TOP FIVE MISTAKES YOU'RE MAKING WITH YOUR SCREENPLAY

We are reading great work from our Women Who Write Wednesday contest winners. It's true, and let's get that out of the way so we can talk about what isn't great. Our winners are all making similar mistakes. Why? Because they're the mistakes that everyone makes, because they are the most difficult aspects of screenwriting. 

INCITING INCIDENT: This is the moment your story really gets going, the moment your heroine starts her journey. In Thelma & Louise,  it's the moment they kill the rapist and go on the run. Inciting incident needs to be a turning point that is clear and dramatic and it needs to send your heroine in a different direction than the one she was heading on Page 1. Many writers don't create an inciting incident that is clearly dramatized and clearly transformative. 

CHARACTERIZATION: If your heroine is not clear to you in your head, don't pass go. Stop and write about her to get to know her. Ask yourself questions about her dreams, her childhood, her favorite music, her best fiends, who broke her heart, her politics and her fears. Once you know her, tell us on the page through her actions (as big as shooting the rapist, as small as biting her nails), her specific voice (everyone speaks differently; stop and listen.) and the way that people interact with her. 

ACT 2 IS A MESS: Oh, Act 2, how you haunt us. Act 2 is where it gets real, because this is after the world is established and character is introduced, but before the ending we've been dreaming of, what with all its car chase and epic love scene. Act 2 is where a screenwriter must do her hard, disciplined work, crafting scene after scene in which the Heroine Pursues her Goal Against Increasing Odds. These scenes must escalate in conflict, and they must be the direct result of what happened in the previous scene. This is where your outline stage is absolutely critical. Look at it in simple terms in your outline: Are your scenes repetitive? Combine them, cut them. Are your scenes escalating? Shuffle them so each obstacle is more formidable than the last. You are bringing your heroine to her breaking point, where she has done all the fighting she can and at the end of Act 2, there is no more fight to give. in this way, you earn the transformation she will undergo in Act 3. Watch Thelma & Louise and break down each scene in Act 2 for a great guide to crafting an Act 2 of increasing stakes. Or Lord of the Rings.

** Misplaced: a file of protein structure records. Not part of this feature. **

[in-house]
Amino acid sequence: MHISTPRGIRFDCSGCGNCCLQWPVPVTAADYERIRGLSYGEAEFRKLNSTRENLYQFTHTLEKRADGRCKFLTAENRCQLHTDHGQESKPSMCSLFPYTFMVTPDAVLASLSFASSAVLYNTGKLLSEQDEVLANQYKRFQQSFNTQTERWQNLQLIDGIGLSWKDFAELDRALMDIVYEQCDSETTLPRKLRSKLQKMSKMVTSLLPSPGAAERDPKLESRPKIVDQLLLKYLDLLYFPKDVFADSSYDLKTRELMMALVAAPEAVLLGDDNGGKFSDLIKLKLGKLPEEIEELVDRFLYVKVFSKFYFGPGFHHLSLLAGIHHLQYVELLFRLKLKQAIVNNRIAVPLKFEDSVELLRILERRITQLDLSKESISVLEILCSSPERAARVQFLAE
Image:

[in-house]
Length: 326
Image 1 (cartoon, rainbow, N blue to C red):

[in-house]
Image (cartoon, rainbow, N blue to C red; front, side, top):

WRITE VISUAL: The screenplay is a guide for what happens in a visual medium. Actors don't just speak your dialogue, or this would be a radio play. They move, they DO. And we see it. Remind yourself that this film does not exist on the page for reading. Think visual. Write visual. Add dialogue when the image can not convey the information. Dialogue is icing, not a meal. For a lesson in great visual storytelling, watch a silence film. Or watch Hunger or Shame by Steve McQueen. McQueen began his career as a visual artist and he knows how to use the image to tell the story. 

WRITE DRAMA: Drama means conflict. Drama means a scene begins in one place (I love you) and ends in another (I hate you) because of something that has happened during that scene. This is required of each scene. In each scene, something must happen that causes transformation. Without this, scenes are flat and repetitive and the script is muddy.